The House Appropriations Committee approved its FY12 Commerce-Justice-Science (CJS) funding bill on July 13 by voice vote, endorsing subcommittee decisions to level-fund the National Science Foundation (NSF) at $6.9 billion and cut the NASA budget by $1.6 billion from its FY11 level.  While the Committee passed an amendment by Rep. Chaka Fattah (D-PA) to cut $48 million across the bill to bolster operations for the National Oceanic and Atmospheric Administration, the bill still essentially funds NSF at $6.9 billion and NASA at $16.8 billion for FY12.  In addition, the Committee approved no amendments to eliminate funding for specific merit-reviewed research grants or specific disciplines (see next item below).

Within the NSF budget, the bill gives priority to research by adding $43 million to the Research and Related Activities Directorate (R&RA), paid for by cutting $26 million from Education and Human Resources (EHR) and $17 million from Major Research Equipment and Facilities Construction.  This means R&RA would receive $5.6 billion, EHR $835 million, and Equipment and Facilities $100 million.

In the accompanying report, the Committee suggests that the R&RA Directorate maximize the money available in FY12 for new programs and activities by terminating some of the proposals in the President's FY12 budget request.  The Committee also directs NSF to give priority in FY12 to research in such fields as cybersecurity; cyberinfrastructure improvements; advanced manufacturing; materials research; and interdisciplinary research in the natural and physical sciences, mathematics, and engineering.

For NASA, the Committee-passed bill provides $16.8 billion, or $1.6 billion below FY11 funding.  Within NASA, the bill appropriates $4.5 billion for Science, which is $431 million below the current level.  As part of that reduction in Science, the Committee recommends reducing funding for Earth Science by $100 million from the President's FY12 request of $1.7 billion.  But the Committee report stresses the importance of protecting high-priority missions such as Ice, Cloud, and Land Elevation Satellite-2; the Soil Moisture Active-Passive mission; and missions with near-term readiness dates.

Although the bill would terminate funding for the James Webb Space Telescope (JWST), CJS Subcommittee Chairman Frank Wolf (R-VA) and Subcommittee Ranking Member Chaka Fattah (D-PA) said during the markup they would talk further about funding JWST in FY12.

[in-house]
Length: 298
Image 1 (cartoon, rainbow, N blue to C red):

The Committee-passed bill also provides $569 million for Aeronautics, which is an increase of $1 million; $375 million for Space Technology; $3.6 billion for Exploration; $138 million for Education; and $3 billion for Cross-Agency Support programs.  Additionally, the bill appropriates $10 million to restart production of Plutonium-238 for deep space missions, and it calls for the transfer of $1 million from Cross-Agency Support to NASA's Office of Inspector General for the commission of an independent assessment of NASA's strategic direction and agency management.  As in FY11, the bill prohibits the Office of Science and Technology Policy and NASA from engaging in bilateral activities with China, unless authorized by Congress.

The House Appropriations Committee approved its FY12 Interior-Environment funding bill on July 13, making no changes from subcommittee in funding for the National Endowment for the Humanities (NEH).  

The measure would fund NEH at $135 million, a cut of $20 million from the Endowment's FY11 enacted level of $154.7 million.  The funding also is about $11 million less than the President's FY12 request.  This near-13 percent cut in NEH funding is disproportionate relative to the overall reduction in the FY12 Interior-Environment appropriations bill, which is seven percent below the FY11 level (and 12 percent below the President's FY12 request).

Especially hard hit in the NEH budget are the competitive grants funded through the NEH Core Programs, which would be cut by $14.5 million, or nearly 20 percent, from the FY11 level.  The Core Programs include Research, Education, Preservation & Access, Digital Humanities, Public Programs, and Challenge Grants.  Within the Core Programs, the Research account took the biggest hit, with a $4 million cut, bringing it down to $12.3 million.
The Committee increased funding for the "We the People" program to $4.75 million, an increase of $1.5 million.  "We the People" is an initiative introduced under the last administration that was zeroed out in the President's FY12 budget request.  The bill also provides $2 million for the agency's new "Bridging Cultures" initiative.  

Report language accompanying the bill expresses support for "We the People," "Bridging Cultures," and the NEH/NSF "Documenting Endangered Languages" program (page 108).  It also praises the work of the state humanities councils.

(AAU and the UW System Office of Federal Relations contributed to this report.)